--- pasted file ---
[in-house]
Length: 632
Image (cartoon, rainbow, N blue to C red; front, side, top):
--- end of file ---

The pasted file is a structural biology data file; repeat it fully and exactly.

[in-house]
Length: 632
Image (cartoon, rainbow, N blue to C red; front, side, top):